Happy Birthday, Kern | Annie Holand Miller
My sweet baby boy,
Eight years ago today, at 5:20 p.m., you entered this world and made me a mom. Every moment since then has been filled with wonder. Every single moment. You keep us busy and on our toes. You keep us entertained. And, frankly, you keep us constantly questioning and adjusting our parenting styles and plans.
This has been a big year for you. You started at a new school, and as excited as you were, you were also really nervous. You were nervous about making new friends, adjusting to a new classroom and rules, and whether you were “smart enough.”
We never doubted your brains or your abilities.
And, more importantly, we had great confidence in your heart.
You are filled with kindness, and that makes me so proud. Like the time I was waiting to have lunch with you at school, and a parent introduced herself and told me that her daughter “always talks about Kern’s kindness.” Or the time Ms. Jones told me that you walked up and down the table in the cafeteria cleaning up after your friends. Or the time the parent of a special needs student stopped to me to tell me that her son considers you his best friend and how much that means to her—that you make him feel like a million bucks. Those are the moments my chest fills with pride and I get a lump in my throat.
You love to make everyone laugh—not only your friends, but their parents, too. You are filled with life and energy and excitement, and you carry it with you wherever you go. It is awesome and exhausting. And I worry that we spend too much time and energy taming you and not enough just enjoying you and laughing with you.
It would be remiss of me not to mention your love of dancing and shaking your booty! I mean, you do it on the soccer field, in pictures, on the playground, with your friends or alone. We might have even gotten a note sent home because you stood up to “shake it off” during a test at school. You hear the music in your head and you shake it from your heart.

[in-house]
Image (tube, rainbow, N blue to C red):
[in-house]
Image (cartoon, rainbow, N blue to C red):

There are less than stellar moments, too. Those are equally as important and while painful and heartbreaking, I’m thankful we’re going through them now. I’m thankful that you’re learning how to fail, then how to pick yourself up, dust yourself off, digest the information and move on. It is so important to know that we all make mistakes. It is so important to learn to admit when we are wrong. It is so important to understand that failure is not only a part of life, but a very important part of growth.
I am embarrassed to admit this, but I think your Dad and I thought that so many of these life lessons would “come” to you--that you would wake up one morning, and just know the difference between right and wrong and good and bad. Unfortunately, that isn’t quite the way it works. I can’t tell you the number of times one of us has said to the other “I guess I just figured he KNEW that!” This is probably the biggest challenge as a parent—not only figuring out HOW to teach you to the important lessons, but also figuring out which lessons need to be taught.
The “simple” lessons we’re working on right now: toots are for the bathroom; please walk and don’t run; use your manners; and please don’t interrupt me when I’m on the phone or talking to someone else.
Then there are the big lessons. And the older you get, the harder it is to teach the big lessons because I realize that, as an adult, I still haven’t mastered so many of them myself. Being your mom has challenged me to push myself to really consider my own behaviors, my own responses and my own values and goals.
I will never forget the moment I first held you in my arms. I cherish every moment of snuggling you give me—even when it means that you’ve climbed into our bed in the middle of the night. And I love that you told me just the other day that one day you will have to tell your wife that you’ll be back later because you need to go snuggle with your mom.
You have gotten so big. But when I look at you, I still see that 7 pound 1 ounce baby who changed our lives forever. I still carry the same hopes and dreams I had for you on that day. I pray for your health and your happiness. I pray that all of your dreams come true (except for that Texas A&M dream—that one I pray you get over real quick). But most importantly, I pray that you always know that you are never, ever alone—that you know that we are part of your heart and soul forever.
Oh, how we love you! Happy 8th birthday!
Essay by: Annie Holand Miller
Annie is a wife, mama, friend, attorney and essential oil fairy G-dmother. You can find her tribe here!